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Eurobites: Colt Offers Gig Guarantee

Also in today's EMEA regional roundup: eir rolls out 1-Gig rural broadband; Chinese vendors make hay in Africa; Inmarsat hit by government spending slump.

  • Colt Technology Services Group Ltd is promising to supply gigabit service to businesses in 20 European cities, under the terms of its new 1Gb Always initiative. Participating companies will be provided with a 1-Gig "bearer circuit," which, says Colt, will allow bandwidth to be increased as required. Outside those cities selected for the 1Gb Always treatment, 600Mbit/s service is being offered. (See Colt Pledges Gigabit Service in 20 Cities.)

  • Irish incumbent eir (formerly eir ) has revealed the first 100,000 rural homes that will be offered the opportunity to access 1Gbit/s broadband, in a move that sees the operator stepping outside the Republic's National Broadband Plan and doing its own thing. As the Irish Times reports, towns and villages in Galway, Connemara, Donegal, Cork and Kerry all stand to benefit from the rollout.

  • Chinese vendor ZTE Corp. (Shenzhen: 000063; Hong Kong: 0763) has upgraded Airtel Uganda's 3G network and paved the way for 4G services. ZTE deployed a UMTS900 3G network, replacing Airtel's existing UMTS2100 set-up, swapping out equipment at 674 sites.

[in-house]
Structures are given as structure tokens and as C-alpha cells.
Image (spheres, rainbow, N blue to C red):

• In a similar vein, Intercellular Nigeria has chosen China's Huawei Technologies Co. Ltd. to transform its existing CDMA network to LTE. (See Intercellular Nigeria Deploys LTE With Huawei.)

  • UK-based satellite operator Inmarsat plc (London: ISAT) saw its 2015 profits dented by a decline in government spending worldwide, reports the Financial Times. Pretax profits fell 17.3% to $282 million. A rocket launch failure that knocked a high-speed broadband project off course also negatively affected results.

  • BT Group plc (NYSE: BT; London: BTA) is beefing up the security of its cloud services with technology from Palo Alto Networks Inc. As part of the deal, BT's Assure Managed Firewall service will now integrate WildFire cloud-based malware prevention. (See BT Adds Palo Alto Tech to Its Managed Firewall.)

  • Facebook is to start paying millions of pounds more tax in the UK, according to a BBC report. In the wake of criticism that it was naughtily circumventing British corporation tax laws, the social networking giant has said it will no longer route sales of its largest advertisers through tax-friendly Ireland. Facebook paid just £4,327 ($6,125) in corporation tax in the UK in 2014 -- this despite the UK being one of its biggest non-US markets.

    — Paul Rainford, Assistant Editor, Europe, Light Reading

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